By Jena Ardell
By Jon Campbell
By Alan Scherstuhl
By Tessa Stuart
By Roy Edroso
By Jon Campbell
By Albert Samaha
By Zachary D. Roberts
What about the women? Will anything stop a Williams sisters final? We never say never, but logic argues that this tournament, too, will be between the sisters. For whatever people say about Richard Williams, let's get one thing straight. He's been right about his daughters being number one and two in the world, and about Serena being even better than Venus. Richard's daughters have met in the finals of the last three Grand Slams in which they've both playedSerena skipped the Australian Open. And now that they're seeded first and second in the tournament, there's no reason to expect anything different at Flushing Meadows.
Can Jennifer Capriati break through?The good news for her is that she won the Australian Open. The bad news is that she's 0-4 career against Venus and has lost her last five against Serena.
What about Davenport and Hingis? Even before suffering injuries that cost them most of the season, Hingis was getting overpoweredremember the way Serena pummeled her in last year's semis?and Davenport has always lacked the speed to keep up with Venus and Serena. They've got about as much chance as Anna Kournikova.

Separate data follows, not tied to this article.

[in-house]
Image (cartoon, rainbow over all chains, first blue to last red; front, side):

So whatever happened to Anna? After a serious foot injury, she's slipped to 37th, and she got bageled in the first round by Angelique Widjaja. But Kournikova once had some game. She made the semis at Wimbledon and beat every top player at least once. As for the Anna wannabes, first-round loser Ashley Harkelroad and Dominique Viele are well on their way to becoming never-wases. But ESPN mag pinup girl Daniela Hantuchova is really a high-quality player, and she's one of the few with a real chance against the Williams sisters. And while she's marketing herself as the next Kournikova, 16-year-old Danira Safina, Marat's sister, has already done something that her idol couldn'tshe won her first pro tournament.
And why do they have to reroute the planes from LaGuardia?Because tennis players are like bats, using the tone and pitch of the thwock of the ball to determine its speed and trajectory. What about those Mets outfielders who are supposed to be off with the crack of the bat? Maybe that explains Roger Cedeño.